Every year Muslims around the world prepare to travel to the Saudi Arabian cities of Mecca and Medina for the annual Hajj pilgrimage, one of the largest religious gatherings in the world. The journey to Mecca is a spiritual pilgrimage every Muslim adult aims to perform at least once in their lifetime, provided they are physically and financially fit for the trip.
Saudi Arabia calls on the foreign pilgrims aiming to participate in the annual Hajj to meet the instructions of the Hajj season, including obtaining a Hajj permit as well as taking preventive vaccinations prior to the departure to the holy sites. Countries outside Saudi Arabia use a lottery system to issue pilgrim permits, based on a national quota; each foreign pilgrim may be issued a permit every 5 years.
Pilgrims aim to spend their Hajj days making duaa, praying or reciting verses from the Quran. Mecca hosts the Masjid al-Haram, also known as Haram or Grand Mosque, the largest mosque in the world. The mosque surrounds the Kaaba, which Muslims turn towards while offering their daily prayer. Beyond the religious significance, the Hajj may also represent a strategic source of income powering the Meccan economy. Part of the revenues are generated through taxes and services provided to pilgrims, including transportation and lodging. For example, the Saudi national airline, Saudia, generates approximately 12% of its income from the pilgrimage.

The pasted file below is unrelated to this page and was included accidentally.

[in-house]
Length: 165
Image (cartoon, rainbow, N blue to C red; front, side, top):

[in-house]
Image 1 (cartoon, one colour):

The city seems to have grown substantially(3) in the 20th and 21st centuries, as the convenience and affordability of air travel has increased the number of pilgrims(3) participating in the Hajj. The city is serviced by freeways and has shopping malls and skyscrapers.
Mecca is served by King Abdulaziz International Airport located at Jeddah, about 100 kilometres from the city centre. Catering directly to the Hajj pilgrims, this airport has a purposely-built Hajj terminal, which may accommodate up to 47 planes simultaneously and may receive up to 3,800 pilgrims per hour during the Hajj season.
Al Mashaaer Al Mugaddassah Metro is an elevated rail line, which opened in 13 November 2010, transporting pilgrims to the holy sites Mount Arafat, Muzdalifah and Mina in the city during Hajj, thus offering an alternative to travelling by car. Plans are in place for a Mecca Metro, officially known as Makkah Mass Rail Transit, a four-line metro system for the city, to support the Al Mashaaer Al Mugaddassah Metro line.
A high-speed inter-city rail line (Haramain High Speed Rail Project also known as the ‘Western Railway’) is under construction and it is scheduled to link the Muslim holy cities of Medina and Mecca via King Abdullah Economic City, Rabigh, Jeddah and King Abdulaziz International Airport. Using electric trains, this rail line aims to provide an efficient and comfortable transport option and to reduce the travel time to under two hours between Mecca and Medina. The significant number of pilgrims arriving annually in Mecca may be shaping the city’s profile by contributing to its cultural heritage. As a result, Mecca may become one of the most diverse cities in the Muslim world.
Apart from being a religious duty, the Hajj may also have a social and spiritual merit providing the Muslims with an opportunity of self-renewal. The annual Hajj aims to bring together Muslims from different parts of the world irrespective of their race, colour, and culture, which may act as a catalyst for social unity and cultural diversity.
How may pilgrimages around the world shape the travel industry?